Weather News

Southwest Gulf being monitored for potential repeat of Alberto

todayJune 21, 2024 4

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The FOX Forecast Center is closely monitoring southeastern Mexico and nearby bodies of water for the development of a tropical disturbance that could affect the same areas impacted by Tropical Storm Alberto last week.At last report from the National Hurricane Center, the broad area of circulation only had around 50% of development over the next seven days, as atmospheric conditions may not be as conducive as they were for Alberto.The disturbance known as Invest 93L is expected to travel further south than the first cyclone of the season, which will limit its effects on the Lone Star State.”If there’s a pocket of reasonably conducive atmosphere, even though this is a large swirl, big in diameter, it will be slow to consolidate. It will have an opportunity to do just that moving through the weekend,” said FOX Weather meteorologist Ian Oliver.2024 ATLANTIC HURRICANE SEASON GUIDE: HERE’S WHAT TO KNOW ABOUT THIS YEAR’S STORMSA phenomenon known as the Central America Gyre has been primarily responsible for producing systems such as Tropical Storm Alberto and Invest 90E in the eastern Pacific.Since June 11, NOAA satellites have estimated that more than two feet of rainfall has occurred over countries such as El Salvador and Guatemala, leading to flooding and mudslides.At least two dozen people have been killed, as local authorities warn of additional threats from landslides.Almost every hurricane season sees the formation of at least one CAG, which is capable of generating heavy rainfall from southern Mexico through Central America and into Venezuela and neighboring Colombia.LIVE HURRICANE TRACKER MAPSDue to the limited time the disturbed area of weather will spend over water, its chances of developing are lower than what Alberto experienced less than a week ago.Water temperatures remain warm, enhancing tropical cyclone formation; however, the system’s apparent large size means it will take longer to consolidate.Forecast models show the tropical disturbance moving ashore the Mexican coast on Monday, whether a low-level center develops or not.Heavy rainfall will accompany the system, which is welcome news to many farmers and aquifers in the agricultural region.In the higher mountainous areas, torrential rainfall can cause problems, as happened during Tropical Storm Alberto.Mexico’s civil protection agency reported at least four people died during the storm, with the majority from electrical shocks from downed power lines. “Areas like Brownsville and Port Mansfield that got soaked from Alberto could easily, with this one, pick up another 2 to 3 inches plus of rain,” said Oliver.If the disturbance gains enough organization to be classified as a tropical storm, it will be named Beryl.The naming of the system would not change the forecast or outcome for either Mexico or Texas.Typically, the second-named storm does not form in the Atlantic basin until July 17th.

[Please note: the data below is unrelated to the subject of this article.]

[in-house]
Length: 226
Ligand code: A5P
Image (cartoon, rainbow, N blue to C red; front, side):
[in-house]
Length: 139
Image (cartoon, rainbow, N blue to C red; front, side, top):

Written by: Badlands Classic Rock

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